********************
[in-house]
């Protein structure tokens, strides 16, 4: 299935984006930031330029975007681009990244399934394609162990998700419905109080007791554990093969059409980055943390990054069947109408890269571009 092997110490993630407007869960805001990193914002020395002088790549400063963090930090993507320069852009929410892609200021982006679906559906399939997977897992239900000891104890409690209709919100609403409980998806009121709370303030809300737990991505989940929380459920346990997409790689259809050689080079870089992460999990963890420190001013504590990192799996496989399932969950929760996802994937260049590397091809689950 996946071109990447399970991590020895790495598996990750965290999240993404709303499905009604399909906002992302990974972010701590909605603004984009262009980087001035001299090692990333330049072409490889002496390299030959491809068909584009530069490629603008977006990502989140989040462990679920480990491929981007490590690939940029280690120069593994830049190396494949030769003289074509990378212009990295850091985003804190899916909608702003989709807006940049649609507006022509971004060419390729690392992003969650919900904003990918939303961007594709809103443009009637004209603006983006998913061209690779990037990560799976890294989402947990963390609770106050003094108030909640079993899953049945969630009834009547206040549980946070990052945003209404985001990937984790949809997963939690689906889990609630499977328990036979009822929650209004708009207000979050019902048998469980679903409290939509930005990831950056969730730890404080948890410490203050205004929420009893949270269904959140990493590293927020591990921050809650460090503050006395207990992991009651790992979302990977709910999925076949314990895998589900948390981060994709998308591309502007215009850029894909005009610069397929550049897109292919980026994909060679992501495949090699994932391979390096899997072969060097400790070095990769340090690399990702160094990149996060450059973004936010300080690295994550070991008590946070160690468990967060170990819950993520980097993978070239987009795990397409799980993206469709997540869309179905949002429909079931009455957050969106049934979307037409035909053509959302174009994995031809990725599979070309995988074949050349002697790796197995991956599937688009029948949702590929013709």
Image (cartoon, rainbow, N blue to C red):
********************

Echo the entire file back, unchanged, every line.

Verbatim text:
[in-house]
């Protein structure tokens, strides 16, 4: 299935984006930031330029975007681009990244399934394609162990998700419905109080007791554990093969059409980055943390990054069947109408890269571009 092997110490993630407007869960805001990193914002020395002088790549400063963090930090993507320069852009929410892609200021982006679906559906399939997977897992239900000891104890409690209709919100609403409980998806009121709370303030809300737990991505989940929380459920346990997409790689259809050689080079870089992460999990963890420190001013504590990192799996496989399932969950929760996802994937260049590397091809689950 996946071109990447399970991590020895790495598996990750965290999240993404709303499905009604399909906002992302990974972010701590909605603004984009262009980087001035001299090692990333330049072409490889002496390299030959491809068909584009530069490629603008977006990502989140989040462990679920480990491929981007490590690939940029280690120069593994830049190396494949030769003289074509990378212009990295850091985003804190899916909608702003989709807006940049649609507006022509971004060419390729690392992003969650919900904003990918939303961007594709809103443009009637004209603006983006998913061209690779990037990560799976890294989402947990963390609770106050003094108030909640079993899953049945969630009834009547206040549980946070990052945003209404985001990937984790949809997963939690689906889990609630499977328990036979009822929650209004708009207000979050019902048998469980679903409290939509930005990831950056969730730890404080948890410490203050205004929420009893949270269904959140990493590293927020591990921050809650460090503050006395207990992991009651790992979302990977709910999925076949314990895998589900948390981060994709998308591309502007215009850029894909005009610069397929550049897109292919980026994909060679992501495949090699994932391979390096899997072969060097400790070095990769340090690399990702160094990149996060450059973004936010300080690295994550070991008590946070160690468990967060170990819950993520980097993978070239987009795990397409799980993206469709997540869309179905949002429909079931009455957050969106049934979307037409035909053509959302174009994995031809990725599979070309995988074949050349002697790796197995991956599937688009029948949702590929013709």
Image (cartoon, rainbow, N blue to C red):